The German ICGL group poses in front of the Berlin Philharmonic. Photo: Mr. Smith

On Jan. 5, 2024, eleven students and three teachers arrived in Munich for the Germany ICGL trip. Led by history teacher Mr. Tim Hornor and math teachers Mr. Jason Smith and Mrs. Heather McCloskey, the group checked into the Euro Youth Hostel and headed to dinner. With bratwurst, pretzels, schnitzel, potato salad and sauerkraut, this was the first taste of German cuisine. “The food was great,” said senior Vivian Kohn. “It was cool getting to try authentic German food and I really enjoyed the atmosphere at the restaurants.”

After a good night’s rest, the group set out to explore Munich. With Mr. Hornor pointing out the various landmarks ranging from the origin of the Beer Hall Putsch to the local Rischart bakeries, the group made its way to the Alte Pinakothek museum. Mr. Hornor acted as a museum guide for the group, pointing out instances of chiaroscuro and orthogonal lines as well as cold-calling students to answer questions on the works they had seen in AP Art History. Housing the famous portrait of Albrecht Durer and other Renaissance and Baroque masterpieces, the museum was breathtaking. 

Waking up early the next morning, the group took a bus ride to Füssen where they saw the Neuschwanstein castle. After a short horse carriage ride up to the top of the mountain, the group was met with a stunning view of a snow covered castle. “My favorite part of the trip was visiting Neuschwanstein castle outside of Munich,” said junior Nicholas Demba. “It was a super cool place to see both inside and outside.” Inside the castle, the group was met with the lavishly decorated home of king Ludwig II of Bavaria. Though the castle remains unfinished, it boasts elaborate paintings and meticulous decorations that would leave anyone in awe. “The German castle was so breathtaking it made my dome piece tingle,” said senior Mac Barnette. 

After a quick detour to Nuremberg, the group was met with its most formidable foe: German fries. With outrageous prices and questionable fries, the students were upset. “I hate that fry place in the Durer town,” said Barnette. “Their fries were so dusty I didn’t even finish my food.” Aside from the food, Nuremberg was an enjoyable city that housed Albrecht Durer’s former house, turned museum. 

The next day, the group took a train to Berlin and checked into the Grand Hostel Berlin. “The hostels were a fun experience, but they were pretty small with only a couple showers,” said Junior Reid Richardson. “We were all rooming together so it made it much more enjoyable.” The group then set off into the slick, icy sidewalks of Berlin. After a short walk, Mr. Hornor led the group to the Reichstag building. With the glass dome, the group saw an incredible view of the whole of Berlin. With the glass floor of the building, Mr. Hornor explained how the Reichstag was a representation of democracy for Germany. Anybody could look down and see the government officials at work. That evening, the group went to see the world-renowned Berlin Philharmonic orchestra. “I really enjoyed seeing what high-level playing looked like,” said senior Joe Shippen. “It gave me something to look up to an model my own playing after.”

On the final day, the group visited the Neue Museum, hosting many ancient Egyptian sculptures and paintings. “My favorite museum was the one with the ancient civilizations stuff with the mummies,” said senior Mac Warren. After the museum, Mr. Hornor introduced the group to his cousin, Gregor Menke. With one final German dinner, the group was ready to return to Atlanta.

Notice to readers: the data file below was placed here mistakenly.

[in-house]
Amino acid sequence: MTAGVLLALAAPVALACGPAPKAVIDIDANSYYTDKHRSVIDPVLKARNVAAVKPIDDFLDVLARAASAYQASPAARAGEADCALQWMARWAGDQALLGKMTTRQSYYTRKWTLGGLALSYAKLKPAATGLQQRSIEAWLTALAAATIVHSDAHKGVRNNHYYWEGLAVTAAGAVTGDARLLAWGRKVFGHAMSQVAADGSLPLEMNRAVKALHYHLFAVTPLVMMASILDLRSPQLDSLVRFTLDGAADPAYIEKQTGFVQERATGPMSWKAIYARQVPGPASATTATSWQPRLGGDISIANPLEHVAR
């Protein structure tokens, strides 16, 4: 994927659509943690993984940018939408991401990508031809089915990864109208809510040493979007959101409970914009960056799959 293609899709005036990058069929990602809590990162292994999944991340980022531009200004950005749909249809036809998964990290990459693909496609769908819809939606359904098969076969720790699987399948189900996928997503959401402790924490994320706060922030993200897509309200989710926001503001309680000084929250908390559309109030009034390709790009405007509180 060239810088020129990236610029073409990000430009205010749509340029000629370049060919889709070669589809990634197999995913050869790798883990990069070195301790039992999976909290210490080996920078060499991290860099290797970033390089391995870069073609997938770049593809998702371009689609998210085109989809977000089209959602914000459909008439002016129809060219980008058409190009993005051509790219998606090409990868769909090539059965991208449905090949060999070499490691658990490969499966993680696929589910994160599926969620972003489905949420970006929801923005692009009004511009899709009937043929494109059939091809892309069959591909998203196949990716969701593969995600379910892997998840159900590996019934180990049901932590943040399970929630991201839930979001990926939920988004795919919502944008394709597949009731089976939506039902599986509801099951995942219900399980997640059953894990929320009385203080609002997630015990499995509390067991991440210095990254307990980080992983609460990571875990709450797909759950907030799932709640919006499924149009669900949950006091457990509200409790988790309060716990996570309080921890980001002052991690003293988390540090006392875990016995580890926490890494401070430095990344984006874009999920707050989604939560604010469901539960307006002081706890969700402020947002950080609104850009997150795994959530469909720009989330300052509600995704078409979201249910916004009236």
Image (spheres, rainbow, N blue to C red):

Unfortunately, the flight back was not so smooth. After a quick flight landed the group in Amsterdam, the layover flight to Atlanta was unfortunately canceled due to a KLM airplane malfunction. With a new plan to fly back to Atlanta from Frankfurt, the next two day’s worth of flights were canceled due to snow and black ice. With the luggages being buried in the Frankfurt airport, the group was without a change of clothes for three days. Despite the airplane troubles, both the students and teachers still made the most of the situation. “Although getting three flights canceled and being stuck in the airport for 3 days was frustrating, it brought our group even closer together,” said senior Ellie Arenth. “Many of my favorite memories of the trip happened during those days.” 

On the fourth day, the plane was delayed due to de-icing but made it back to Atlanta with relatively little hiccups. “I’d say we crammed a dozen years’ worth of travel snafus into one 3 day period,” said Mr. Smith. “In the previous dozen or so trips, we’d had maybe one slightly delayed plane and that was it.”

Mr. Hornor still plans on returning next year, despite all of the unfortunate circumstances this year. “This year was the first in which we had major logistical issues, whether it was the German transportation strike, the farmer’s strike and then the airline dysfunction and then the weather making it a challenge to get back.  My hope is to not fly KLM again. Delta was great and really did everything in their power to get us home,” said Mr. Hornor. “I really like the itinerary of our trip, the core of which remains stable, though my hope is to return to the Nuremberg Courtroom where Hermann Göring, Rudolf Hess, Martin Bormann and the rest of the Nazi elite were tried by an international tribunal from 1945 to 1946…What has made the trip special is the different mix of students we have brought each year, with each group memorable, different, and yet incredibly interested.  The students make the trip!”

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